KARACHI, Pakistan – Pakistani officials have quietly begun consulting with other nations about the conduct of their investigation into opposition leader Benazir Bhutto's killing, despite a public insistence that they need no foreign help, U.S. officials say.
Pakistan President Pervez Musharraf is under pressure to respond to accusations from Bhutto's aides of a government cover-up. While his government has rejected the idea of an outside investigation, Pakistan's consultations with other countries suggested it was concerned that its own probe to be seen as credible.
The U.S. officials said it was still not entirely clear whether Pakistan was seeking international assistance in an investigation, or simply wanted backing from other countries as it conducts its own probe.
"The Pakistan government is discussing with other governments as to how best the investigation can be handled," said one senior U.S. government official, speaking on condition of anonymity because no agreement had yet come from the discussions.
The suicide attack that killed Bhutto on Thursday sparked three days of unrest that have left more than 40 dead and tens of millions of dollars in damage, with security forces now authorized to shoot rioters on sight.
With the United States, the official said, the discussions about investigating Bhutto's assassination "are about what we can offer and what the Pakistanis want. Having some help to make sure international questions are answered is definitely an option."
Pakistan has launched up to three separate domestic "inquiries" into Bhutto's death and is waiting to see how those go before making any decision on whether to see formal international assistance, a U.N. Security Council diplomatic official told the AP.
The U.S. official, however, said the Pakistanis "don't want the U.N. involved in this."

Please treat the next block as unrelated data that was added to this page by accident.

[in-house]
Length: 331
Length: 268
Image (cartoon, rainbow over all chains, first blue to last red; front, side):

The council voted Thursday to condemn her killing and urge all nations to quickly help bring those who did it to justice.
"Of course the government would not be adverse to using any kind of information or technical assistance which may lead to finding the perpetrators who have committed this heinous crime," Jalil Shafqat, a spokesman for the Permanent Mission of Pakistan to the U.N., told the AP.
Pakistan Interior Ministry spokesman Javed Iqbal Cheema said one of the investigations should be completed within seven days of a judge being appointed to oversee it.
"This is not an ordinary criminal matter in which we require assistance of the international community. I think we are capable of handling it," he said.
FBI Special Agent Richard Kolko told the AP that any request for the FBI to help with the probes would come through the U.S. Embassy in Pakistan to the State Department.
But the FBI is already involved. Two days ago, a national FBI and Department of Homeland Security bulletin to law enforcement agencies cited Islamist Web sites as saying al-Qaida had claimed responsibility, Kolko said.
"The FBI and DHS continue to work with our U.S. intelligence community partners to assess the al-Qaida claims for any intelligence value," he said. "The validity of those claims continues to be reviewed."
State Department spokesman Thomas Casey told the AP the United States is "willing to assist Pakistan in whatever way we can with the investigation. However, to date Pakistan has not made any formal request."
British Foreign Secretary David Miliband offered his country's help. U.S. presidential candidate Hillary Rodham Clinton and a Belgian think-tank each suggested that the U.N. Security Council might want to investigate. U.S. presidential candidate John McCain cautioned, however, that may not be needed.
Diplomats say there is little chance of that happening. The council's investigation into the assassination of former Lebanese Prime Minister Rafik Hariri "shows you that even when the government wants one, it can be quite difficult," one Security Council diplomat said. The Hariri investigation has not still concluded nearly three years after his February 2005 death.
The Security Council's resolution on Thursday deleted, at Pakistan's insistence, language seeking to encourage more dialogue and national unity within Pakistan and to bring Bhutto's killers to justice as soon as possible.
"It's all about the language and choice of words," Jalil said.
Pakistan was very concerned about the resolution, according to three security council diplomats, because it did not want the council meddling in their affairs and the language could have implied that Musharraf's government was not acting quickly enough.